Hiatt v. W. Plastics, Inc.

Decision Date29 December 2014
Docket NumberNo. 2–14–0178.,2–14–0178.
Citation36 N.E.3d 852
PartiesMichael HIATT, Plaintiff–Appellant, v. WESTERN PLASTICS, INC., National Rubber Stamp Company, Inc., National Rubber Machine, Try–R–Electric Company, China National Rubber Machinery Corporation, General Binding Corporation, American C.N.C. Machine Company, Inc., and Leonard Hofkamp, Defendants (Illinois Tool Works, Inc., Defendant–Appellee).
CourtUnited States Appellate Court of Illinois

Devon C. Bruce, of Powers, Rogers & Smith, P.C., of Chicago, for appellant.

J. Kent Mathewson, Karen Kies DeGrand, and Timothy L. Hogan, all of Donohue, Brown, Mathewson & Smyth LLC, of Chicago, for appellee.


Justice ZENOFF

delivered the judgment of the court, with opinion.

¶ 1 Plaintiff, Michael Hiatt, was an employee of Western Plastics, Inc. (Western), which uses extruding machines to produce plastic sheets. The machines heat plastic pellets into a putty form and then push the material through metal rollers to create plastic sheets of desired thicknesses. On October 15, 2007, while cleaning one machine's spinning rollers, plaintiff's arms were crushed between the rollers and had to be amputated. Plaintiff sued Western and other defendants, all but one of which either have been dismissed or have entered into settlement agreements with plaintiff. The only remaining defendant, Illinois Tool Works, Inc. (ITW), operated one of its divisions next door to Western and sold products that Western produced. Plaintiff alleged that ITW was liable to him because it either (1) was engaged in a joint venture with Western, (2) retained control over Western, giving rise to a duty of care, or (3) had actual or constructive knowledge that the extruding machine was unreasonably dangerous. The trial court entered summary judgment in ITW's favor, finding that it was not engaged in a joint venture with Western and owed no duty of care to plaintiff. For the following reasons, we reverse and remand.


¶ 3 Count IV of plaintiff's sixth amended complaint alleged as follows. ITW and Western were engaged in a joint venture to manufacture and sell plastic products. They shared profits and losses and exercised joint control and management of the manufacturing process, and they both contributed money, resources, equipment, and employees to the venture. ITW controlled the manner in which Western manufactured its products, including the pace and speed of the extruding machines. ITW knew that the extruding machine that injured plaintiff was unreasonably dangerous in that it lacked a proper emergency stopping mechanism and other safety devices. ITW was negligent individually and as a joint venturer with Western, in that it allowed plaintiff to work on an unreasonably dangerous machine, failed to provide adequate warnings and instructions, failed to provide adequate safety devices, and failed to identify and correct safety hazards. ITW's acts or omissions proximately caused plaintiff's injuries.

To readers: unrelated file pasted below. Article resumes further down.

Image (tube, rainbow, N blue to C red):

¶ 4 ITW moved for summary judgment on count IV, contending that there was no genuine issue of material fact as to whether it was engaged in a joint venture with Western, retained control over the manufacturing process, or knew that the extruding machine that injured plaintiff was unreasonably dangerous. Rather than recite ITW's and plaintiff's arguments in support of and in opposition to summary judgment, which in essence are the same arguments they make on appeal, we summarize the deposition testimony and documentary evidence.

¶ 5 A. Don Edelstein's Deposition